When Federal forces under Major General A.H. Terry took Wilmington, North Carolina on 22 February 1865, chaos reigned for a good while. Confederates had slipped across the Northeast Cape Fear River, slowly withdrawing northward to link up with General Joseph E. Johnston's troops gathered around Smithfield. About a week later, a prisoner exchange was begun at Northeast Station (present-day Castle Hayne) with several thousand Union POWs ultimately being released. These men had survived Andersonville, Salisbury and the Florence prison pens and were in dire need of food, clothing and medical attention, but what they had in great abundance was spirit, as one observer recalled:
Before our paroled officers would receive food...they gathered beneath the tall pines and sang in tones that thrilled the soul, and with animation of countenance...the patriotic song, composed by one of their number, entitled 'When Sherman Marched down to the Sea."
As the men passed into Federal lines, many of them shouted with joy, one exclaimed, 'We are once again in God's country,' another, 'I am going to fight again for old Uncle Sam,' a third, 'Thank heaven I am once again under the Stars and Stripes!' Some even retained their sense of humor, for when a bedraggled soldier was asked how he was doing, he replied, ' As well...as a man could expect who has been a year under General Starvation'. Over the course of a few weeks, over nine thousand came into Wilmington. The Federals moved quickly to provide care for these men with many being sent directly north on steamers, but quite a few required immediate hospitalization. There were others making their way to town also, refugees from Sherman's advancing army, then at Fayetteville, were sent to disencumber his army, many of these came down with typhus and also needed care. In addition to the several former Confederate hospitals already in operation, about ten more were established in and around Wilmington.
There is (unfortunately) little known about the POW's in the hospitals. One soldier's story, which has survived, is that of Sergeant William Broughton. Broughton was born in Lowesby, Leicestershire, England in 1840 and immigrated with his parents to the United States in 1846. The Family settled in Ohio, living in New Lisbon when the Civil War broke out. Although he attempted to enlist in Pennsylvania, he was sent instead to Wheeling (which would soon be in West Virginia) and was soon a member of Company F, 2nd Regiment Virginia Infantry (Union). After participating in several battles (none of which he was taken prisoner and later paroled) the unit found itself, in May 1863 in western Virginia. On August 26-27, they fought at Rocky Gap and it was here that Sergeant Broughton was captured (while assisting a wounded soldier off the field) and sent to Andersonville, Georgia. He remained there until sent north for exchange, late in 1864. Arriving at Northeast Station towards the end of February 1865, he was one of those released at the end of that month. It was quickly determined that William needed to be in a hospital, so he was sent to Camp Jackson, a former Confederate post. It was here that he died of dysentery, on 10 April.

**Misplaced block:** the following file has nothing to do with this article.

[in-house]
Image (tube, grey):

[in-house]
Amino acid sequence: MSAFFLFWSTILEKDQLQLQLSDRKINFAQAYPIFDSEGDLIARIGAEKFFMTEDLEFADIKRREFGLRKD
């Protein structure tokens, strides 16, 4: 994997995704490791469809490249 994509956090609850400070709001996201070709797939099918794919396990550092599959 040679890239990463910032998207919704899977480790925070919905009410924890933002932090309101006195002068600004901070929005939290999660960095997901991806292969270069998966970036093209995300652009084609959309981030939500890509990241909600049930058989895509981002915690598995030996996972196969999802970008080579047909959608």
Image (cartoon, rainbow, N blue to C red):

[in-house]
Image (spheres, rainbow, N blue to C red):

Like many of the POW's, his story might have gone unnoticed except for a photo in the possession of Ms. Wendy Steyn, a descendant of Broughton's. The photo and the words written on the reverse, 'Oakdale Cemetery, row 8, grave 5' led to Georgia, where Carl Broughton joined the family's search. Some twenty letters written by Broughton during the war still survive, they are filled with 'accounts of mud and rain that made writing so difficult, and the small details such as his diet of 'biscuit, port and beans and a little beef.' The search for Broughton turned to Wilmington and culminated on Sunday, 27 June at Oakdale. It was there that the several branches of Sergeant Broughton's descendants met to dedicate a tombstone to his memory. It was a very touching ceremony at which CFCWRT member Wayne Carver (who did much of the legwork and research locally) and Dr. Chris Fonvielle spoke about William Broughton and Wilmington. Mr. Eric Kozan, Superintendent of Oakdale informed the gathered group that over one thousand Union dead were buried in Oakdale, these men would eventually be reinterred in Wilmington's National Cemetery (on Market Street). While a bagpiper played appropriate tunes, a Union color guard composed of the 3rd U.S. Artillery and 2nd U.S.C.T. stood watch. An invocation given by the Reverend George Slaton (also a member of our RT) who read from Services for the use of the Grand Army of the Republic, Dayton, Ohio--1879, (passed down to him from a Union ancestor) was most fitting for the occasion. After a Benediction, three volleys were fired by the Union reenactors and finally, taps wafted across the burial ground. The ceremony as over and it was hoped that Sergeant William Broughton could finally rest easy.